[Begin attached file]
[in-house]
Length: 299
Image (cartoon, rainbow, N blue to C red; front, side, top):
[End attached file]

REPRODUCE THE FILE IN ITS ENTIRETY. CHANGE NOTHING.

[in-house]
Length: 299
Image (cartoon, rainbow, N blue to C red; front, side, top):